Bennington Trains

Vermont Rail Action Network

Vermont Rail Action Network

Promoting the revitalization of Vermont's rail network for passengers and freight

 

All-Aboard_BenningtonVermont’s Track Three ARRA grant.

In addition to the grant to upgrade the route of the Vermonter, The U.S. Department of Transportation awarded a $1, 000, 000 grant to Vermont and New York to plan and prepare for rail service from Rutland thru Bennington County to Albany and New York City.  The grant is equally split between New York and Vermont.  The federal government provides $500,000 and each state contributes $250,000.

What would the grant do?

Lay the planning groundwork for a multiple frequency passenger train service north of Albany to Bennington, Manchester and Rutland and also Saratoga and Rutland.  The Vermont Agency of Transportation (AOT) will award the grant to a planning agency or consultants to study what is necessary to restore passenger rail service and determine what engineering and financial needs would be necessary to make this happen.  The grant should result in agreements with the freight railroads who own the tracks to be used, an operating plan and an environmental assessment and necessary permits.

What would be the Route?

The study considers service on a loop running north of Albany with Rutland at it's top.  On the Vermont side of the loop, stations would be at North Bennington and Manchester.  The other side of the loop would turn north at Schenectady NY and stop at Saratoga and Fort Edward, NY as well as including Castleton, VT.

Four freight railroads own the tracks involved: From Hoosick Junction (just into New York State from North Bennington) through Manchester to Rutland the line is owned by the State of Vermont and leased by the Vermont Railway, part of the Vermont Rail System.  At Hoosick Junction, trains would join an east-west line operated by Pan-Am Southern.  This route is currently good for 59mph.  The most direct route to Albany, owned by the Canadian Pacific (former D&H), takes off south from Mechanicville NY, however it is in poor condition and would require reversing direction 3 times (once at Mechanicville and twice in Albany just prior to crossing the Hudson River).  It would likely be just as fast (a point that will be clarified by the study) to continue west to Schenectady, using tracks of Canadian Pacific to join the CSX freight line used by Amtrak trains to access the Amtrak Albany station.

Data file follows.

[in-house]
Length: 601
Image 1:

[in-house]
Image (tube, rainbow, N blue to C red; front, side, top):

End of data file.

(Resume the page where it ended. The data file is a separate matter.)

On the New York side, trains will operate through Saratoga on the Canadian Pacific (former D&H) before turning east at Whitehall and traveling the Clarendon & Pittsford (part of the Vermont Rail System).

What Service Levels Will Be Provided?

A schedule of near four hours from New York to North Bennington and 4 ½ hours from Manchester is possible after track work is completed.

The idea is to extend trains that now run from New York City and then sit idle at Rensselaer NY in the evening and morning.  One train would continue on the Vermont side and then loop back south on the New York side while another train would run the other way.  In this way, the corridor would gain multiple frequencies which would help attract passengers out of their cars.  Extending trains that now sit idle improves the economics of the service, since it's better to have them rolling and earning revenue.  The additional patronage from passengers traveling to New York from points north of Albany will also help the economics of the existing service.

It may be that the initial idea evolves as the study clarifies ridership potential and expenses.

What is needed for right of way and track improvement?

This question will be clarified by the study and by the freight railroads which own or lease the tracks.